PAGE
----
A new study of America's state income tax rates released this week concludes that West Virginia taxes its working poor too heavily. Maybe so, but without knowing what effect eliminating such taxes would have on the state, it's tough to say whether cutting them would be possible.
Officials of the Center of Budget and Policy Priorities say that West Virginia is taxing a family of four when their income reaches $10,000 a year, a practice the federal government stopped 11 years ago. Though the official poverty level income for a family of three is $12,511 a year and they pay no federal taxes, West Virginia's state income tax takes $197 a year from that family.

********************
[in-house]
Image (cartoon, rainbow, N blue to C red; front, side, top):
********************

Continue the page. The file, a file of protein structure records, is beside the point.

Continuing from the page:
Elizabeth McNichol, who led the study effort, called taxation at that rate a "tax on the working poor," and added that it goes against welfare-reform programs' effort to reward those who go to work.
But determining whether such a cut could be made isn't possible without information of the sort the study didn't provide. For example, although the study talks in general about improved state economies, it doesn't say what the effect on state revenues would be. Nor does it talk about alternative sources of funding, in a state that has been losing taxpayers in recent years.